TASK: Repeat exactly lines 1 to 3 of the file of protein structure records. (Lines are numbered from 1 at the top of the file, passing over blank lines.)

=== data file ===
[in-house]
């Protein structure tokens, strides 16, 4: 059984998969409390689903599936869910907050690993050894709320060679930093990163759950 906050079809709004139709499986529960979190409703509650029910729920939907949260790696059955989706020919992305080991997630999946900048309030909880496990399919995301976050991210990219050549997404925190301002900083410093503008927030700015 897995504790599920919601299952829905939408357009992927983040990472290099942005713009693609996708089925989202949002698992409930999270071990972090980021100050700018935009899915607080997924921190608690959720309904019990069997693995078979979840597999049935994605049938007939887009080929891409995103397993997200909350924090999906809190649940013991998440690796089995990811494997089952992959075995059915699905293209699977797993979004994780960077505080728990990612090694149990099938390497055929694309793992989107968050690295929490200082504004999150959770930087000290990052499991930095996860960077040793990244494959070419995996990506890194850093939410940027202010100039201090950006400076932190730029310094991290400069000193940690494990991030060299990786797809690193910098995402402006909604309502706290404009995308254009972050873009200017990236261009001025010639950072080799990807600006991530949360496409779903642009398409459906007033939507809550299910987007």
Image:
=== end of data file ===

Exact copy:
[in-house]
């Protein structure tokens, strides 16, 4: 059984998969409390689903599936869910907050690993050894709320060679930093990163759950 906050079809709004139709499986529960979190409703509650029910729920939907949260790696059955989706020919992305080991997630999946900048309030909880496990399919995301976050991210990219050549997404925190301002900083410093503008927030700015 897995504790599920919601299952829905939408357009992927983040990472290099942005713009693609996708089925989202949002698992409930999270071990972090980021100050700018935009899915607080997924921190608690959720309904019990069997693995078979979840597999049935994605049938007939887009080929891409995103397993997200909350924090999906809190649940013991998440690796089995990811494997089952992959075995059915699905293209699977797993979004994780960077505080728990990612090694149990099938390497055929694309793992989107968050690295929490200082504004999150959770930087000290990052499991930095996860960077040793990244494959070419995996990506890194850093939410940027202010100039201090950006400076932190730029310094991290400069000193940690494990991030060299990786797809690193910098995402402006909604309502706290404009995308254009972050873009200017990236261009001025010639950072080799990807600006991530949360496409779903642009398409459906007033939507809550299910987007």
Image: